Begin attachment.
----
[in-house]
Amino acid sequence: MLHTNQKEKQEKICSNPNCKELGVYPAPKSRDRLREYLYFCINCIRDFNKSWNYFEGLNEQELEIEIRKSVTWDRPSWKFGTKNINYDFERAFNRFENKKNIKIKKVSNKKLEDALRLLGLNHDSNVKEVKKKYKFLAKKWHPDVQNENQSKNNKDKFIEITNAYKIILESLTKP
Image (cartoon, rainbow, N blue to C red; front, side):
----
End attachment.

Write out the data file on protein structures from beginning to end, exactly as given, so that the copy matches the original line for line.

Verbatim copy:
[in-house]
Amino acid sequence: MLHTNQKEKQEKICSNPNCKELGVYPAPKSRDRLREYLYFCINCIRDFNKSWNYFEGLNEQELEIEIRKSVTWDRPSWKFGTKNINYDFERAFNRFENKKNIKIKKVSNKKLEDALRLLGLNHDSNVKEVKKKYKFLAKKWHPDVQNENQSKNNKDKFIEITNAYKIILESLTKP
Image (cartoon, rainbow, N blue to C red; front, side):